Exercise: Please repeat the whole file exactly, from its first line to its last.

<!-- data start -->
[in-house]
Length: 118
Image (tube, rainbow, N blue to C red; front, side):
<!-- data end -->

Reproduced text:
[in-house]
Length: 118
Image (tube, rainbow, N blue to C red; front, side):